Daily air strikes continue to hurt ISIL by chipping away at their infrastructure and resources.
A brief look behind the headlines shows us just how large the air campaign is. In short, 9 categories of military aircraft are deployed in the fight against ISIL. Around half are attack aircraft, the rest provide essential support functions to make the air strikes possible.
Coalition Air Strikes
As at 2 November 2016, the US Department of Defense reports:
- Total Coalition air strikes 15,959
- Strikes in Iraq 10,310
- Strikes in Syria 5,649
These daily air strikes have targeted everything from tanks and ISIL fighters to oil infrastructure. The US Department of Defence has produced a graphic placing numbers against targets damaged or destroyed up to 26 September 2016. These are amazing if not shocking statistics.
“16,000 air strikes have damaged or destroyed 32,000+ targets”
The well-known aircraft are present as pictured in the gallery below. One aircraft that provides a surprise is the Vietnam War era OV-10 Bronco.
Why did a Vietnam War Era Aircraft Fly Combat Missions in 2015?
- It is a low-cost option – the OV-10 costs $1,000 per flight hour compared to a F-15 costing $40,000 per flight hour.
- A robust and reliable aircraft – available for 99% of planned operations during the 82 days.
- Fast response time – the OV-10 can operate from field runways close to the front lines. Especially useful when supporting Special Forces soldiers.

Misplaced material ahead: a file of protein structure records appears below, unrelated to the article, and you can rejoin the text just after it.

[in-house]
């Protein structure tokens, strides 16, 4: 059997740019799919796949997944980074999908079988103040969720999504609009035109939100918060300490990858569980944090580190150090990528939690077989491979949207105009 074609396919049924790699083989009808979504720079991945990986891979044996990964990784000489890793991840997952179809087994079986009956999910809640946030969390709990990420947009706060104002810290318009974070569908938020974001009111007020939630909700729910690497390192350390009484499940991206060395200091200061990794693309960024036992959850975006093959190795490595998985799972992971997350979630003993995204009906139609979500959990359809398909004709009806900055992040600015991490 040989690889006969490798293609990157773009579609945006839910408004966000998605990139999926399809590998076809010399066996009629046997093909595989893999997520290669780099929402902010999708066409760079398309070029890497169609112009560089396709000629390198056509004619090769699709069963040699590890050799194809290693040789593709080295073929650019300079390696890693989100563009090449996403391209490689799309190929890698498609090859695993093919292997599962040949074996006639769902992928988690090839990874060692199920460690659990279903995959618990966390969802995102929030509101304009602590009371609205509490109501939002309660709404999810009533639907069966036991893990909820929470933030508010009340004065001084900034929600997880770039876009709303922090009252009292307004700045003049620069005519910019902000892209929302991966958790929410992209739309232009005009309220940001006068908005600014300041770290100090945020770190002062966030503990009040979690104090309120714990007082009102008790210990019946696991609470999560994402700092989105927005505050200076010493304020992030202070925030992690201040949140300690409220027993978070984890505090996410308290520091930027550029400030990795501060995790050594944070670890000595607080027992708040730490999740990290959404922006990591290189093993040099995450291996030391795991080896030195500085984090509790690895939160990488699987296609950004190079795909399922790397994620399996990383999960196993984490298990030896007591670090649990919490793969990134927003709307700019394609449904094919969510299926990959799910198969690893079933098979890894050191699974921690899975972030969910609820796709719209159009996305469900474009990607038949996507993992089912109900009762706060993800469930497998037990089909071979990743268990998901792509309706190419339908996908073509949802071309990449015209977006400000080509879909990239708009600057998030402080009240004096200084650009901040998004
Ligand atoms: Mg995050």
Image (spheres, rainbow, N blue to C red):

The Daily Beast reported the use of the OV-10 was an experiment, a successful one at that, to examine the effectiveness of a turboprop light attack aircraft in a modern-day environment.
Lt. General Bradley Heithold the head of the Air Force Special Forces Command threw cold water on the OV-10 being a regular participant in future air campaigns when addressing a defense industry conference in February 2016:
“The OV-10’s have some utility but it’s too expensive to pay for training and supplies for a fleet of just two.”
For the record, the US Navy upgraded the two OV-10’s in the 2000’s as part of the “Navy Special Warfare Combat Dragon II Program“. Designated “OV-10G+” the upgrades included mechanical, communications, sensors and new defensive systems.
Multirole Fighter Aircraft
The attack aircraft represent older generation thinking when aircraft had a specific role such as air interception or air dominance roles. The new generation mind-set is to build aircraft that are the jack of all trades and hopefully good at each of them. There is always controversy over what aircraft is multi-role or very good at one role and capable of another. Two examples to consider:
- F-22 Raptor: An air superiority fighter with ground attack capabilities. In the war against ISIL the F-22 used its attack capability only. Does this make the F-22 a multi-role fighter?
- F-15 Strike Eagle: Developed from an air superiority fighter (e.g. F-15C) into an attack fighter with the later F-15E. Does this make the F-15E an attack fighter with air to air capability or is it a multi-role aircraft?